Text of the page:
You can follow Paul on Twitter and find out more about him via his website.

Now… Short story writers get writing and submitting your stories for Paul to read. The deadline is 28th October 2018. There is £820 in cash prizes available, and all winning and shortlisted stories will be published in the annual anthology by Retreat West Books.

You can find the previous anthologies What Was Left and (forthcoming) Impermanent Facts on Amazon. They’ll give you a great idea what we’re looking for and perhaps a little inspiration!

Join our author community and get lots of great stuff, including free copies of Retreat West Books as they are published. Join here.

 

Short story retreat long and shortlists

Thanks to everyone that entered the competition to win a place at the short story retreat at a thatched cottage on Chesil Beach. I have really enjoyed reading all of the entries and I’m so impressed by the standard. There were more than 70 stories submitted in total and it has been a tough job coming up with these long and shortlists. The winner of the retreat will be announced on Friday 22nd April. Choosing the final winner is proving to be a very hard choice!

Longlist (A-Z by story title)

  1. A Marriage in Winter by Sarah Baxter
  2. An Extra Ordinary Pilgrimage by F.E. Clark
  3. An Expedition by Sara Roberts
  4. Another Beach by Rebecca Russell
  5. At the beach with Bill and Chrissie by Jude Higgins
  6. Away from Home by Anne O’Leary
  7. Beached by Downith Monaghan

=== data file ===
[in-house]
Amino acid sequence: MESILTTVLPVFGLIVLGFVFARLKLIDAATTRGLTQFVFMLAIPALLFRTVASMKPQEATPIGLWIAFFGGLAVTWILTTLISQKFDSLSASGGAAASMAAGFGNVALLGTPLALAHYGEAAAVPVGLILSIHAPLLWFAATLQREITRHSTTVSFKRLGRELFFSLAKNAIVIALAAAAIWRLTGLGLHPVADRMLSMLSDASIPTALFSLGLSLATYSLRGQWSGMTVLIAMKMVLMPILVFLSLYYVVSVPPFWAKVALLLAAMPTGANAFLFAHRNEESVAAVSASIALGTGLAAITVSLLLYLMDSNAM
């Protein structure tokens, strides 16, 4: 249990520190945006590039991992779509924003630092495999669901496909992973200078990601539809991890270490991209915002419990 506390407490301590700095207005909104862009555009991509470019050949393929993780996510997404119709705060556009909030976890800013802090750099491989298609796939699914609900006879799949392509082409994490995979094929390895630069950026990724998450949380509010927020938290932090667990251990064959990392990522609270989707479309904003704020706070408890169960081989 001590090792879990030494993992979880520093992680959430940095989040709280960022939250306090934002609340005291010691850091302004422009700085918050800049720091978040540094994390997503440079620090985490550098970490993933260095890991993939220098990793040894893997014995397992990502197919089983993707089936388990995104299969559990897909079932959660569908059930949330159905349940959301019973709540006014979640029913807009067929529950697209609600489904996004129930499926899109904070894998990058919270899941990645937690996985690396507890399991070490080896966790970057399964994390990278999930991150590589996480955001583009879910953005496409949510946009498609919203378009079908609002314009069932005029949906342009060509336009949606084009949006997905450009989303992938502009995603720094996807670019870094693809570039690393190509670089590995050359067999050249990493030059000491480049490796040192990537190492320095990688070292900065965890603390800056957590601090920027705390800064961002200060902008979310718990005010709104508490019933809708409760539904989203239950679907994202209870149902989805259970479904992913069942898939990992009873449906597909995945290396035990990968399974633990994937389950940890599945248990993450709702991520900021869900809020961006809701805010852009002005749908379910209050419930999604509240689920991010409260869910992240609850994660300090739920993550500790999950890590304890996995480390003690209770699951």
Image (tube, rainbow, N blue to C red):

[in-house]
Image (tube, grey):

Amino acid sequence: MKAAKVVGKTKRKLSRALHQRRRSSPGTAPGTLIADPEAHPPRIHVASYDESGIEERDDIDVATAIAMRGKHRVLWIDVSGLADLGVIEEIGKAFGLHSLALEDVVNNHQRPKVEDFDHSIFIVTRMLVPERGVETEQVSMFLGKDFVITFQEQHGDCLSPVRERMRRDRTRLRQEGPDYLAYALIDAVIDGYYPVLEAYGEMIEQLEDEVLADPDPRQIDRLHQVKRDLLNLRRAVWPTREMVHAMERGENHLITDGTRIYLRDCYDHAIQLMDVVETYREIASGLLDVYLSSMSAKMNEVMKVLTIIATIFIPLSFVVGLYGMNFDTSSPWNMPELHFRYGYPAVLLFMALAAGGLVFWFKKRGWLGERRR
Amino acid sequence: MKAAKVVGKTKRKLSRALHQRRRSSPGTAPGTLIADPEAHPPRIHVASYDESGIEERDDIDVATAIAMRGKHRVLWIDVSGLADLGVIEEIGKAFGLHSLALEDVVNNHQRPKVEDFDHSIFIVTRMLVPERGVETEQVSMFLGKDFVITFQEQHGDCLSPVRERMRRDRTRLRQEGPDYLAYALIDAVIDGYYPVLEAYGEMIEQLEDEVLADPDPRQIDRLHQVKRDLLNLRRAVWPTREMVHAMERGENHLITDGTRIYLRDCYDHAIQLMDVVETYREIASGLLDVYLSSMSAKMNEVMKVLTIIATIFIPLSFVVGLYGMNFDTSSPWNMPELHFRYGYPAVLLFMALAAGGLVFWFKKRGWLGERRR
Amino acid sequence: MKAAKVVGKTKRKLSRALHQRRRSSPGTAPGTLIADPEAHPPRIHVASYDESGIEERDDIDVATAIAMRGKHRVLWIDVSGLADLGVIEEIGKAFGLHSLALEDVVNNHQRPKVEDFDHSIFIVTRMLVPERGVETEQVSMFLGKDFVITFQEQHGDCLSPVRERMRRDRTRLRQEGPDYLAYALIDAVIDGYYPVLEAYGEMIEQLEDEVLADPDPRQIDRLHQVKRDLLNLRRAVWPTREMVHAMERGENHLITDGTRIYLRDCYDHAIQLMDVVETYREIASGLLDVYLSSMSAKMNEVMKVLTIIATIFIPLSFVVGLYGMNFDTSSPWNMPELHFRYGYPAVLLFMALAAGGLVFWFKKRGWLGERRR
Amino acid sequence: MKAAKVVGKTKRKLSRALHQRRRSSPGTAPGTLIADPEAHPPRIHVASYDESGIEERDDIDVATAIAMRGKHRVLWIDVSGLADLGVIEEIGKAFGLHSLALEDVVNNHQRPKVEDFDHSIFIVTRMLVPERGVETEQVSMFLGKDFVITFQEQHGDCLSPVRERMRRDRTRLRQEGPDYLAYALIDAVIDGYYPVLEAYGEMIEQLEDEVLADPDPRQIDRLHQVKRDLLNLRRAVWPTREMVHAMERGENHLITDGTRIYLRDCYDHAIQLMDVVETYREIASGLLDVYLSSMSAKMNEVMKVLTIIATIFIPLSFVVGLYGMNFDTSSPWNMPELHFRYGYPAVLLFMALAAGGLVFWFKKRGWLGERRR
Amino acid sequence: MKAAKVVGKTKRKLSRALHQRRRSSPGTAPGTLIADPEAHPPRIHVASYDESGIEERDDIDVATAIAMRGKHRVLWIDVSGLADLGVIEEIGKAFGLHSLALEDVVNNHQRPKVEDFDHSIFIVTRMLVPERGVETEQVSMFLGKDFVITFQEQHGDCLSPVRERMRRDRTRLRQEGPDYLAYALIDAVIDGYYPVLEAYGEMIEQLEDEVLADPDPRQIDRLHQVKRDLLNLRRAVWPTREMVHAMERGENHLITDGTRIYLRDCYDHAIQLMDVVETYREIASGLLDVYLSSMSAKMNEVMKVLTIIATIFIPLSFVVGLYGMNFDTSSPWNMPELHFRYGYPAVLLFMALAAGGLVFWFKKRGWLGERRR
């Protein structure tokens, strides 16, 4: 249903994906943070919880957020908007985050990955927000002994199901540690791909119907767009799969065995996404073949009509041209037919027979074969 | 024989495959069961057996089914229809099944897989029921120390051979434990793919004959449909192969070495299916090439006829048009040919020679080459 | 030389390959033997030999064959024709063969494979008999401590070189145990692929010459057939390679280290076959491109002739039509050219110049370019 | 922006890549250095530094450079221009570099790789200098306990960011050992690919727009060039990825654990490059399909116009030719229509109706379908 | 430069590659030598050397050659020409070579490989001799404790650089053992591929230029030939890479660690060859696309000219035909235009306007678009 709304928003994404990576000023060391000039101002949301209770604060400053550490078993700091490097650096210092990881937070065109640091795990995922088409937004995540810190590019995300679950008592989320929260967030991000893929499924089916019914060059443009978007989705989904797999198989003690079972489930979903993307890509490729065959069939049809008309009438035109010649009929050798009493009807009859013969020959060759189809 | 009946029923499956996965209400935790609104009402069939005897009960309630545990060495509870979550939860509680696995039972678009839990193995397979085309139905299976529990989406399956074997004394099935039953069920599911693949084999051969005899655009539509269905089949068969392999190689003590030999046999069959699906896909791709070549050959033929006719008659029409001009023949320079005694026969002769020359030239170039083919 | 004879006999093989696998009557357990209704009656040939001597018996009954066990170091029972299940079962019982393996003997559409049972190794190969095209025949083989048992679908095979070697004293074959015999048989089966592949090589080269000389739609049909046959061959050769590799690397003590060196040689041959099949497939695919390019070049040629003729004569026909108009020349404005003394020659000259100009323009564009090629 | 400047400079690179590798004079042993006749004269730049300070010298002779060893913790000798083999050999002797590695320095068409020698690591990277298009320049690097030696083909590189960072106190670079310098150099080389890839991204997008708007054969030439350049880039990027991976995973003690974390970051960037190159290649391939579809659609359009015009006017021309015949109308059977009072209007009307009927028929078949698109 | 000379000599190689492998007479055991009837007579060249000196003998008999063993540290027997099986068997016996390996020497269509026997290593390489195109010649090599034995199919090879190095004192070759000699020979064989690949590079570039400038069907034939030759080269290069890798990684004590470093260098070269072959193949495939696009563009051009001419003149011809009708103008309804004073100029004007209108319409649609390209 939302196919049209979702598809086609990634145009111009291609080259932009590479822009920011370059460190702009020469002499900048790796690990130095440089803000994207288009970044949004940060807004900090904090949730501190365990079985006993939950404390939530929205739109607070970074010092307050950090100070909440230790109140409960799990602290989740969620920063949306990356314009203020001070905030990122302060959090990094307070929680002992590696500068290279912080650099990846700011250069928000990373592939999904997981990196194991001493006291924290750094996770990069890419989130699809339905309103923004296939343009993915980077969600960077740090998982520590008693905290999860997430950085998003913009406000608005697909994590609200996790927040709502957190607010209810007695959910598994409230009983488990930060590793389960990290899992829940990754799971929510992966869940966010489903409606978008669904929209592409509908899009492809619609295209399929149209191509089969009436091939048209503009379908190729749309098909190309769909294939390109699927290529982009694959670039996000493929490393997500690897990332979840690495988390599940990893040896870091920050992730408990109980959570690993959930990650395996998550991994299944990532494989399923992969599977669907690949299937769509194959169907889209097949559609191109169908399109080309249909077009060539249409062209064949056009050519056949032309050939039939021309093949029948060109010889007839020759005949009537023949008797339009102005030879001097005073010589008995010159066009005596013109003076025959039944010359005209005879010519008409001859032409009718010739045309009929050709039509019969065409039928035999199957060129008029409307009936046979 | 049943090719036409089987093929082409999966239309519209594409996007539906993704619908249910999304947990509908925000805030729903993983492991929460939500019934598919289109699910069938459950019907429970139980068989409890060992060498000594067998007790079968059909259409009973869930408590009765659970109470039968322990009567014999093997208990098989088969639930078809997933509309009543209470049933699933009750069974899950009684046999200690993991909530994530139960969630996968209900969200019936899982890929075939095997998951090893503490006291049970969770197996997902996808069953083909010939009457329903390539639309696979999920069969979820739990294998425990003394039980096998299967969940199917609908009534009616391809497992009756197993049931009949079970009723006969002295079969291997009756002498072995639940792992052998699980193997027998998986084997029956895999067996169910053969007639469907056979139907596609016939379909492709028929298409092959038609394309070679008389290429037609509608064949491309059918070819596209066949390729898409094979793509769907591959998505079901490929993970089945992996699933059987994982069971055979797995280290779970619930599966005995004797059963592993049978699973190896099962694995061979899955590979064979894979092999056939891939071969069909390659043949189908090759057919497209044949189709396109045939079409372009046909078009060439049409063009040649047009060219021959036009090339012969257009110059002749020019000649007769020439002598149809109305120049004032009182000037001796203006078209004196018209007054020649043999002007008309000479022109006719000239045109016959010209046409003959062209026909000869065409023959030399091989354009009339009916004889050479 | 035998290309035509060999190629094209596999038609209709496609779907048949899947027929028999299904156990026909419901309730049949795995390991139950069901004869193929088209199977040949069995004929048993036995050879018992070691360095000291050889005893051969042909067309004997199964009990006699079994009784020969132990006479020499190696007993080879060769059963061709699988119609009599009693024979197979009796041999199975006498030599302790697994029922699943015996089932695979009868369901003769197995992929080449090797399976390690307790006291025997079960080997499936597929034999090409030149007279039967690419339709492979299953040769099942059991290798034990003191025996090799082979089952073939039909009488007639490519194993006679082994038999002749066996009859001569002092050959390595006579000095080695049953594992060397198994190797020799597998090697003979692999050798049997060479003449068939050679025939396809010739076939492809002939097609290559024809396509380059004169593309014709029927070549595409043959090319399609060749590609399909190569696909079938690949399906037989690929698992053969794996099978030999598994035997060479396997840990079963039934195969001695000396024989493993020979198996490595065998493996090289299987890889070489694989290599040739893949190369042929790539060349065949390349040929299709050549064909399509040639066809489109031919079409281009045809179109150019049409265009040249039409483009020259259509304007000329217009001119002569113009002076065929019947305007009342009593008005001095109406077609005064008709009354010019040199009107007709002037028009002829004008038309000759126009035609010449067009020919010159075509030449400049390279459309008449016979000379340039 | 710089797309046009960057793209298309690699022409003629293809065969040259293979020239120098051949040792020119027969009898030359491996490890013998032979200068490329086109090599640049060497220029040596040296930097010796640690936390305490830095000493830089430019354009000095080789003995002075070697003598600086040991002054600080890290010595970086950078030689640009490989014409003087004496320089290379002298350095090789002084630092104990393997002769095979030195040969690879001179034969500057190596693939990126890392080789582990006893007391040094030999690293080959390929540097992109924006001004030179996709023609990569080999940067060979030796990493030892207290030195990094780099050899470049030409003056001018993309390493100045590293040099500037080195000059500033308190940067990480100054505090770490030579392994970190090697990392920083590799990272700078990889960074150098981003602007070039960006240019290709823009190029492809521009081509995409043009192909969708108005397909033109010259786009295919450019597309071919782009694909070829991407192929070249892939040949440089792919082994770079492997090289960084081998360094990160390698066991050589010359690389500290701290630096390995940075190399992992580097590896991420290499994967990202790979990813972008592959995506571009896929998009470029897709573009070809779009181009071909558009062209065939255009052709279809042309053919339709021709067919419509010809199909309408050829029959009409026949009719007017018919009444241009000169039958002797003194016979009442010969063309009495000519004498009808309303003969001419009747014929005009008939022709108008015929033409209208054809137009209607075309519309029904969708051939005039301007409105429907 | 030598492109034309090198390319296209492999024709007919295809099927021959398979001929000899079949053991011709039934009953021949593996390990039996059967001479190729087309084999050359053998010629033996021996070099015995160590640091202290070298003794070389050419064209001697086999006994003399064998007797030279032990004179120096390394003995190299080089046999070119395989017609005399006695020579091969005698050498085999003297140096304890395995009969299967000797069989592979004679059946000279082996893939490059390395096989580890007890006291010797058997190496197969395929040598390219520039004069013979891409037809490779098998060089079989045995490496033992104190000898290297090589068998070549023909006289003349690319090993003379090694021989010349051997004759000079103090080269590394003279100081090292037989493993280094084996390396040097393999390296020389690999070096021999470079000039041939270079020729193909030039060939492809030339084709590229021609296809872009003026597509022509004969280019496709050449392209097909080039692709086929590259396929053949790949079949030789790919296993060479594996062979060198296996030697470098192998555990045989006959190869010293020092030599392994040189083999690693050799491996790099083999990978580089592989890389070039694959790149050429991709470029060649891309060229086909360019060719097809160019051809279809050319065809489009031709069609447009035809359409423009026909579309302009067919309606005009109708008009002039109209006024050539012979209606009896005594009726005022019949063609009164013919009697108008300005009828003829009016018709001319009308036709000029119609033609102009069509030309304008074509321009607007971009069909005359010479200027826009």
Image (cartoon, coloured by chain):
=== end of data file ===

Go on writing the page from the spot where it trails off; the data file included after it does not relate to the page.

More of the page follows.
8. Between the Waves by Caroline Sutherland
  9. Blackout by Carys Puleston
  10. Boats Against the Current by Chris Thomas
  11. Brothers by Ingrid Casey
  12. Caveat Emptor by Carol Caffrey
  13. Chesiled by Marie Gethins
  14. Dead Rain by Cheryl Behr
  15. Doolally Tap by Sarah Edghill
  16. Ebb and Flow by Eimear O’Callaghan
  17. Endangered by Christopher Stanley
  18. Fog by Julie Noble
  19. Forty two by Rose Stevens
  20. Hold Your Breath and Count to Ten by Jan Kaneen
  21. In Plain Sight by LV Hay
  22. Jimmy Choo Shoes by Shannon Savvas
  23. Last Judgement by Rose McGinty
  24. Monsoon by Erika Cule
  25. Nomada by Tina Freeth
  26. Sea Path by Isobel Brown
  27. Selkie Song by Marianne Paget
  28. Shelby Cove by Ann O’Keife
  29. Slip by Lisa Derrick
  30. The Arc of Lust by Marie O’Halloran
  31. The Boat Trip by Dan Purdue
  32. The Freedom of the Sea by Hannah Persaud
  33. The Rift by Elinor Perry-Smith
  34. Throwing the Bones by Sarah Baxter